A proposal to ban transgender people from choosing the bathroom they use is headed to a S.C. Senate committee vote after a panel hearing from supporters and opponents wrapped up its second day of hearings Thursday.
However, a Democratic member of the Senate General Committee promised to block the proposal.
“This bill will not pass the South Carolina General Assembly this year,” state Sen. Joel Lourie, D-Richland, said after hearing testimony that included personal stories from transgender men and women and religious opponents and supporters of the proposal.
Republican Gov. Nikki Haley has said the proposal, sponsored by state Sen. Lee Bright, R-Spartanburg, is not needed.
In addition, House Majority Leader Bruce Bannister, R-Greenville, said it is unlikely that GOP-controlled body will have time to deal with the proposal this year.
“The House Republican Caucus has a lot of issues that we are trying to address by the end of session,” Bannister said Thursday.
Bills that do not pass by the June end of the session will die. To be considered next year, the proposal would have to be reintroduced.
More supporters spoke out Thursday than in Wednesday’s hearing, when opponents turned out in droves.
Bright’s proposal would require that bathrooms, showers and changing rooms at government-run parks, museums and schools be designated for use and used based on an individual’s biological sex at birth, as listed on their birth certificate. The bill would apply only to bathrooms and changing rooms used by more than a person at a time.
Robert Boone, a pastor in Aiken County, said the proposal relates to moral decency.
“How can we conscientiously enforce laws dealing with pornography when we replace the printed page that you find in a magazine with flesh in the restroom?” Boone asked.
Boone recounted his own experience of accidentally walking into a women’s restroom, saying he was “embarrassed to death.”
Oran Smith of the Palmetto Family Council said his conservative advocacy group is concerned about safety and privacy.
Smith said his group is concerned that men could be in locker-room showers with young girls. “We are looking for a way to protect against that,” he said, adding Bright’s proposal seems to do that.
August Huckabee, who lives in Colorado, said the proposal is a women’s rights issue.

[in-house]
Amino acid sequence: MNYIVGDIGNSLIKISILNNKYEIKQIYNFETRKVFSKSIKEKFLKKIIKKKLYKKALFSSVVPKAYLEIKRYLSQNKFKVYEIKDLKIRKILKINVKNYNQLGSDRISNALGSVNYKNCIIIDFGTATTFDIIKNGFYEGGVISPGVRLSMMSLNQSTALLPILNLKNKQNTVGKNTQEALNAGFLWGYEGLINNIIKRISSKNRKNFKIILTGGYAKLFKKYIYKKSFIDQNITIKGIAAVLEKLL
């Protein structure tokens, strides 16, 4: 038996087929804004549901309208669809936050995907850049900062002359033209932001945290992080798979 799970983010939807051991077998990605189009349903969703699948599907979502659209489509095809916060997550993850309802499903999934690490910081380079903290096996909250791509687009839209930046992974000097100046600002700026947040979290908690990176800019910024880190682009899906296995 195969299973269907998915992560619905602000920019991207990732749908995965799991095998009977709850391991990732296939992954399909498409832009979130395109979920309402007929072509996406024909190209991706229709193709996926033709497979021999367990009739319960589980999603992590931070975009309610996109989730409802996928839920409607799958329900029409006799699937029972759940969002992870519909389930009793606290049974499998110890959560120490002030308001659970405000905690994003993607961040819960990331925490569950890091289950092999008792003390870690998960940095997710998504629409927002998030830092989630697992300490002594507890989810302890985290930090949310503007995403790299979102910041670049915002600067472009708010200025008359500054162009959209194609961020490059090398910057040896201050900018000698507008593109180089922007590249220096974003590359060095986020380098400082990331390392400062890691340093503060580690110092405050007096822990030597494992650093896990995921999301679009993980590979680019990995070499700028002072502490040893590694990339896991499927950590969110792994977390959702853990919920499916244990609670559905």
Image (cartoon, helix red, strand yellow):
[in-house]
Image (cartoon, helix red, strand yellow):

“The transgender movement is, in fact, extremely disrespectful to women and to the history of women’s rights by claiming to be women,” Huckabee said.
For centuries, women have fought for equality, including the right to vote and wage equality, Huckabee said. “Feminists themselves should be in an uproar that a confused boy should decide that all it takes to become a woman is a mental fabrication that stems from a confusion of identity.”
But Sen. Lourie said the women’s rights organizations he has spoken with staunchly oppose the proposal.
Opponents also spoke out against the proposal Thursday.
Attorney Malissa Burnette, who represents S.C. Equality, a lesbian, gay, bisexual and transgender advocacy organization, said the proposal will “hurt and divide our citizens.”
She said the argument that the bill will protect children from men who dress up like women “perpetuates myths about transgender people.”
Burnette said she has practiced law for 39 years, representing hundreds of men, women and children in cases involving sexual harassment and sexual assault. “Not one of the male perpetrators has ever been dressed like a woman, nor has any of the perpetrators been a transgender person,” she said.
Tim Bupp, pastor of Reformation Lutheran Church in Columbia, also opposed the proposal, addressing the argument that, absent a ban, predators will take advantage of people in bathrooms.
“There are predators (in) every aspect of humanity,” Bupp said, adding some pastors and politicians are “the most despicable predators of all.”
But, Bupp added, he would not refuse pastors or politicians “their basic right to use public facilities.”
The Senate’s full General Committee next will take up the proposal. When that committee — chaired by state Sen. Kevin Bryant, R-Anderson — will take up the bill has not yet been announced.
If that panel — of 10 Republicans and seven Democrats — passes the proposal, state Sen. Joel Lourie, D-Richland, said he will use procedural tactics to ensure it does not pass the full Senate this year.
Senators generally can ensure a bill does not pass by adding a “minority report.” A single senator also can filibuster a proposal.